Google Nexus Player

Dell XPS 13 (2015)

Alcatel OneTouch Pop 8 Android tablet

Samsung Galaxy Note Edge

27-inch iMac with 5K Retina Display

Alcatel OneTouch Idol X+

Martian Victory Voice Command Watch

BlackBerry Classic

Dyson Hot + Cool Fan and heater

Kyocera DuraForce tough smartphone

HTC RE mobile action camera

Amazon Kindle (2014)

Amazon Kindle Fire HD 7

808 HEX XL Bluetooth speaker

Belkin Thunderbolt 2 Express Dock HD Review

Kurio Extreme Tablet for Kids

Google Nexus 6

Mazda MX-5 (2015)

Canon EOS Rebel SL1

Google Nexus 9

Acer Aspire Switch 10 2-in-1 notebook

Samsung Galaxy S5 Active

Amazon's same-day delivery service

TomTom RIDER motorcycle GPS

ASUS S1 Pocket Projector

Nokia Lumia 830

iPad mini 3

iPad Air 2

Mac OS X Yosemite

Motorola Moto G (2014)

Dyson DC78 Turbinehead Animal vacuum

BlackBerry Passport

Saeco Minuto

Martian Notifier watch

Runtastic Orbit fitness tracking wearable

iPhone 6 Plus

iPhone 6

Moto 360

Moto X (2014)

Mazda CX-5 2015

MacPhun Software's Lost Photos

Parrot Zik Yellow Gold bluetooth headphones

Henge Docks Vertical Docking Station for MacBook Pro

Toshiba Canvio AeroMobile Wireless SSD

Sodastream's Home Carbonation System

TomTom Go 500 GPS

Nio Tag

Jabra ROX Wireless in-ear headphones

SEIDIO's Innocell adds battery life for iPhone5/5S

Parrot Asteroid SMART

Apple 13-inch MacBook Air (2014)

ASUS PB287 4K monitor

Hyundai Santa Fe XL 2014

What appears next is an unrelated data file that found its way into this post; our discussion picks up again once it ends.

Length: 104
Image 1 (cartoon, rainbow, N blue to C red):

Tech Armor SlimProtect Case for iPhone 5/5s

Roku Streaming Stick

Belkin QODE "Thin Type" keyboard case for the iPad Air

RFID fraud-proof HuMn wallet

Motorola Moto E

Sony Xperia Z2 Tablet

Sony Xperia Z2

Sony SRS-X9 ultra premium personal speaker

Shiny Soap frees up space on Macs with one click

Hyundai Veloster Turbo 2014

Arts Your Case StrongFit Silicon case for iPhone 5/5S

Fugoo Style Bluetooth Speakers

Red Clock app for iPhone weather and alarm

ASUS ZenBook UX310

Dyson DC62 Hand-Held Vacuum

Philips AirFryer

Alcatel OneTouch Idol X

Nomad ChargeKey for iPhone

Apple Mac Pro (2013)

Kensington Comercio soft folio case for iPad Air

Olympus OM-D E-M1 Micro Four Thirds camera

Jawbone UP24 Fitness Tracker

Dell Venue 8 Pro's wireless keyboard and case


Logitech Ultrathin Bluetooth keyboard for Apple's iPad Air

Honeywell HFD320 AirGenius 5 Air Cleaner & Odor Reducer

Dell Venue 8 Pro Tablet

TomTom US & Canada App for Android

Withings Pulse fitness tracker

Sonos PLAY:1 wireless streaming speaker

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Review: HTC Legend on Virgin Mobile

By Gadjo Cardenas Sevilla

The HTC Legend, which is available to Bell and Virgin Mobile subscribers, is an Android 2.1 smartphone with a sleek  Aluminum unibody shell, a bright AMOLED screen and a new optical trackball that doesn't actually have a ball. What it does have is character, style, speed and all the best the Google's mobile  OS has to offer in a small and fun to use form factor. Check the jump for a slideshow and more information on the HTC Legend.

Available now from Virgin Mobile ($80.00 on a 3-year-plan or $349.99 for 30 fay plan). Bell loyalists can get the HTC Legend for $80.00 on a 3-year-deal or cash it out for $400.

The HTC Legend looks completely different from anything HTC has done before. It does have similar shape as the HTC Hero, but that's it. Looking at this sleek beast of a phone with its strudy but lightweight unibody aluminum construction and precise industrial design, one might come to the conclusion that Apple designed it and not HTC.